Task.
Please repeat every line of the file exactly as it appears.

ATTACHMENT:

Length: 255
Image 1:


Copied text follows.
Length: 255
Image 1: